For the past five weeks or so Dunia Baru has been cruising the waters of Palau, a tiny speck of an island nation in the western Pacific Ocean. This is the first time the superyacht has explored Palau, which lies east of the Philippines and north of West Papua … and we’re pretty impressed with what we’ve seen. Not only is the landscape spectacular – limestone islands draped with forests and surrounded by sublime turquoise waters – but the abundance of marine life here has made snorkeling and diving an absolute treat.
Eighty percent of Palau’s maritime territory has been designated a maritime sanctuary – the sixth largest in the world – and since 2015 an area just smaller than Spain has been protected from fishing and drilling for oil. There are more than 1300 species of fish found in these waters, and about 700 species of coral… which explains why we’ve heard some people call Palau an “underwater Serengetti”.
Palau’s not taking any of this for granted.
Late last year Palau passed a new law that requires all international visitors to sign a pledge before they enter the country – and they will only be granted a visa if they sign the pledge. The pledge was written by the children of Palau, and when signing it visitors declare that they will not harm the environment while they are in Palau.
The Palauans are taking action too, and environmental education has been written into the school curriculum, along with other programs that will “help to build eco-awareness in tomorrow’s leaders and conscious principles within the tourist sector”, according to the Palau Pledge page.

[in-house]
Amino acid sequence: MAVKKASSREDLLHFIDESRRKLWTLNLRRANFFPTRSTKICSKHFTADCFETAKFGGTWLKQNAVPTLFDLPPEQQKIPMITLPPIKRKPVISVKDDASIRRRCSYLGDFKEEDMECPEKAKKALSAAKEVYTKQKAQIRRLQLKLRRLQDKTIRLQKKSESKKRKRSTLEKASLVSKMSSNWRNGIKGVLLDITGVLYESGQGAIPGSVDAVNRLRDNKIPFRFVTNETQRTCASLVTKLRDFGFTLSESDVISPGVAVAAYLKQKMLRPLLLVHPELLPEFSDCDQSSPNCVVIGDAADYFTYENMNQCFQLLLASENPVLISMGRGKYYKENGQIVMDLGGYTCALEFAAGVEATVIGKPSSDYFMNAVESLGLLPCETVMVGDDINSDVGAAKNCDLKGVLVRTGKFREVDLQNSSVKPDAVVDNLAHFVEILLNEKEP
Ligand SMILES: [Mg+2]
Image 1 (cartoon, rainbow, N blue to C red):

Conservation and preservation of the marine environment has been of national concern for a long time, and Palau’s president Tommy Remengesau is a vocal environmental campaigner. It’s not surprising when you realize that the total land area of Palau is just 460 square kilometers and, as a country of small islands, global warming and rising sea levels are having a direct impact. Since 1993, the sea level has risen by around 9mm every year – that’s almost three times the global average rate.
It’s not surprising, then, that there are so many conflicting figures when it comes to finding out how many islands comprise the Republic of Palau. According to National Geographic (who you’d think you could trust, right?) there are eight large islands and more than 250 islets; Encyclopaedia Britannica (ditto) says there are 340 coral and volcanic islands. The BBC says “more than 200”; the Palau Pledge website says 200 and, according to the Palau Visitors’ Authority’s Facebook page, there are “more than 500 islands”.
If we can track down an absolutely official figure we’ll let you know… but for now, it’s time to snorkel, kayak, paddleboard and wallow in the crystal waters around these pristine islands, however many there are!
The Dunia Baru team and crew tailors
itineraries specifically for each charter.
The superyacht is a fully equipped dive boat and we
have a wide array of water toys onboard.
To charter Dunia Baru please email email@example.com
or speak to your broker.